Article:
strange behaviors

Cool doings from the natural and human worlds

  • Richard Conniff

  • Reviews for Richard Conniff’s Books

    Every Creeping Thing: True Tales of Faintly Repulsive Wildlife: “Conniff is a splendid writer–fresh, clear, uncondescending, and with never a false step; one can’t resist quoting him.” (NY Times Book Review)

    The Species Seekers:  Heroes, Fools, and the Mad Pursuit of Life on Earth by Richard Conniff is “a swashbuckling romp” that “brilliantly evokes that just-before Darwin era” (BBC Focus) and “an enduring story bursting at the seams with intriguing, fantastical and disturbing anecdotes” (New Scientist). “This beautifully written book has the verve of an adventure story” (Wall St. Journal)

    Swimming with Piranhas at Feeding Time by Richard Conniff  is “Hilariously informative…This book will remind you why you always wanted to be a naturalist.” (Outside magazine) “Field naturalist Conniff’s animal adventures … are so amusing and full color that they burst right off the page …  a quick and intensely pleasurable read.” (Seed magazine) “Conniff’s poetic accounts of giraffes drifting past like sail boats, and his feeble attempts to educate Vervet monkeys on the wonders of tissue paper will leave your heart and sides aching.  An excellent read.” (BBC Focus magazine)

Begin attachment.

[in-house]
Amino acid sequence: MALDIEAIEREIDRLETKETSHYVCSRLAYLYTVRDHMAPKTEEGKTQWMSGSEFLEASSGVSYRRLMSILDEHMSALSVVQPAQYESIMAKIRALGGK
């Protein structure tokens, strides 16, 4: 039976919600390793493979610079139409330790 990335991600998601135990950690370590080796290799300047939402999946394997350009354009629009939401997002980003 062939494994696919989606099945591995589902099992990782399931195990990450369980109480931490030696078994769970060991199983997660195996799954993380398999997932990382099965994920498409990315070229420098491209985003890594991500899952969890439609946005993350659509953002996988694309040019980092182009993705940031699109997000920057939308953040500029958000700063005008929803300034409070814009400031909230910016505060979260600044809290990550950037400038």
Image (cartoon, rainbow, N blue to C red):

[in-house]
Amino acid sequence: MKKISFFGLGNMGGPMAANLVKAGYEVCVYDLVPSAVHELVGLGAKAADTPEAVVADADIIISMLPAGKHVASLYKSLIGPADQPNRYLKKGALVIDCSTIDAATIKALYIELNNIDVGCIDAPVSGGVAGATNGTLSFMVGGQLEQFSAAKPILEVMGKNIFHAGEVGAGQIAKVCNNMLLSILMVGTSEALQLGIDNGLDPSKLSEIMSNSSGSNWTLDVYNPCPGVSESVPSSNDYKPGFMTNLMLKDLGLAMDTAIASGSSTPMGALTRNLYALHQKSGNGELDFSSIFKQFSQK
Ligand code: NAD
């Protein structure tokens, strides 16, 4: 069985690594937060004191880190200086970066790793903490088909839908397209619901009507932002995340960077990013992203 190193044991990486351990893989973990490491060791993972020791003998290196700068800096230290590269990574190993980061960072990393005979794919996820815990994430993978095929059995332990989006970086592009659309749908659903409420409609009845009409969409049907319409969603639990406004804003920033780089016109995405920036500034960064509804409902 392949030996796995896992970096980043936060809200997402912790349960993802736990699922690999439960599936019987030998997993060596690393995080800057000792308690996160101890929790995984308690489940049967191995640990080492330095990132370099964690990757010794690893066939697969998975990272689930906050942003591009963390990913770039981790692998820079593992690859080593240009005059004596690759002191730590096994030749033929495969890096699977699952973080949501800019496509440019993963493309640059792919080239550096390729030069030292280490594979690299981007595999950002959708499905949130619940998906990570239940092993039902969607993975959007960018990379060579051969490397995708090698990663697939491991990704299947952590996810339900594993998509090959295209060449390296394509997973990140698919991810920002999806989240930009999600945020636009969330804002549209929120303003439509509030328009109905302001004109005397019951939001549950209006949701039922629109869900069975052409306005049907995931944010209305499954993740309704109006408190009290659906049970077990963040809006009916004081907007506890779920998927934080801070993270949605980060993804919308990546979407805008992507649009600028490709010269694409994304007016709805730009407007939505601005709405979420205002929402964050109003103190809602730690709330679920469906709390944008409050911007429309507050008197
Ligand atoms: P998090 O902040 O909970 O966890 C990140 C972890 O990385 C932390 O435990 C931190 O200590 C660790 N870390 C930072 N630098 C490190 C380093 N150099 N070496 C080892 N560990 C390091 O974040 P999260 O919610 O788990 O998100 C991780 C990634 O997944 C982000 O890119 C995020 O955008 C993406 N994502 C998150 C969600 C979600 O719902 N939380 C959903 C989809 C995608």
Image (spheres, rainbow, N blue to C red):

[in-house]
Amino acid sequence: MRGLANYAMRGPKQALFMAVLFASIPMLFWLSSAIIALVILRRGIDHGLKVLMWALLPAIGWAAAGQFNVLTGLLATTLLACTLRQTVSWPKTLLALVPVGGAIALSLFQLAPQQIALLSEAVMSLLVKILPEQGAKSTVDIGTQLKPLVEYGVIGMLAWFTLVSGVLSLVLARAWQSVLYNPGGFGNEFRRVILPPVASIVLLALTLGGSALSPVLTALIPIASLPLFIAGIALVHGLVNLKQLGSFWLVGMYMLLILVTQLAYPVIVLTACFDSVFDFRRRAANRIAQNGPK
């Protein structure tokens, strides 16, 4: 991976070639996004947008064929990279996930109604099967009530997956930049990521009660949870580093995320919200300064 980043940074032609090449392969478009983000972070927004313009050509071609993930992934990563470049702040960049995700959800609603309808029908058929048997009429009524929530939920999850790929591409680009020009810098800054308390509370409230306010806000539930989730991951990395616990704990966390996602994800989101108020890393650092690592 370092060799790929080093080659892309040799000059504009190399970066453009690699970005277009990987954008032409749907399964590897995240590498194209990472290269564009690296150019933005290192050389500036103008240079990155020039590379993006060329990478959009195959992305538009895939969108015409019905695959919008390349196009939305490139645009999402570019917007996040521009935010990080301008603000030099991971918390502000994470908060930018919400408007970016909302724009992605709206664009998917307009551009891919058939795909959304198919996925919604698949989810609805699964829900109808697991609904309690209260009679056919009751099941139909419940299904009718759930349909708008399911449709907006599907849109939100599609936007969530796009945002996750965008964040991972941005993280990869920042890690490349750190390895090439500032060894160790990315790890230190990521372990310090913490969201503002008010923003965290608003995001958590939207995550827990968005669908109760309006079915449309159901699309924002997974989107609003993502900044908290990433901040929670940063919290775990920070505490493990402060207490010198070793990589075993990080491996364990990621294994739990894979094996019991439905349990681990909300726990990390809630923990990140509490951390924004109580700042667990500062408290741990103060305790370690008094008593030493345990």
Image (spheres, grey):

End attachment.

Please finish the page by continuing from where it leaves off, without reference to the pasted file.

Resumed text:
• Wall of the Dead

  • Categories

  • Advertisements

The Next Big Thing #2: Working On The Right Mussels

Posted by Richard Conniff on December 27, 2013

North America is a mother lode of freshwater mussels, with almost 300 native species. Their looks are dull, but their behaviors aren’t. In one species, for instance, the female puts out a fleshy mantle that does a convincing imitation of a minnow. But when a real fish comes to investigate, the mussel blasts larvae into its gills, turning the fish into a mussel incubator.

Unfortunately, many native mussels are now being overwhelmed and suffocated by invasive zebra and quagga mussels. Researchers have been testing scores of microbes in search of a way to kill the invaders and save the homegrown species. The common North American soil bacterium Pseudomonas fluorescens didn’t sound like a contender at first. It’s a beneficial microbe used in agriculture to protect the roots of some plants against fungi and nematodes. One strain even helps turn milk into yogurt. But when researchers tried strain CL145A, it killed the invasive mussels without harming anything else.

Advertisements

One Response to “The Next Big Thing #2: Working On The Right Mussels”

  1. […] « The Next Big Thing #2: Working On The Right Mussels […]

Leave a Reply

Fill in your details below or click an icon to log in:

WordPress.com Logo

You are commenting using your WordPress.com account. Log Out /  Change )

Google+ photo

You are commenting using your Google+ account. Log Out /  Change )

Twitter picture

You are commenting using your Twitter account. Log Out /  Change )

Facebook photo

You are commenting using your Facebook account. Log Out /  Change )

w

Connecting to %s